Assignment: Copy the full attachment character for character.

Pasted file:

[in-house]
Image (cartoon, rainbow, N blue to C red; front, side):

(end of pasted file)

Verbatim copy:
[in-house]
Image (cartoon, rainbow, N blue to C red; front, side):